Relational dialectics in intercultural couples’ relationships
The main purpose of this study is to describe and to understand the intercultural couples’ relationships in Finland from the relational-dialectics perspective. Relational dialectics supports the idea that tensions (relational contradictions) are a fundamental feature of a relationship, and are thus distinct from conflict or problems. In this qualitative study, data were collected from 18 heterosexual intercultural couples (36 persons), utilizing the multi-method approach.
The intercultural couples in this study experienced internal and external dialectics. Internal dialectics were specifically related to intercultural adaptation, e.g. need of support, uncertainty about the future, and identity confusion issues. Externally, the couples encountered challenges of inclusion and exclusion regarding, e.g. family support, access to a social network, which are facilitated through disclosure, which is at times problematic regarding the host community’s language.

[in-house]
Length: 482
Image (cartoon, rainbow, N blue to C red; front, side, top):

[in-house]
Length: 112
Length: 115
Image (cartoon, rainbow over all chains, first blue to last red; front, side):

The effects of intercultural couples’ cultural background on their relationship concerned continual negotiations, that constitute their lives -internally and externally- and entail repeated decision-making and compromising about friends, religion, traditions and celebrations, and their acceptance in the larger social network, the upbringing and education of their children, values and gender issues, and adaptation.
The common thread surfacing in the couples’ accounts of how their different cultural backgrounds are reflected in their relationships is unquestionably the continual re-negotiation between the two partners themselves and between the couples and their social networks. In a sense these define their intercultural relationship; all their moves are negotiated moves.
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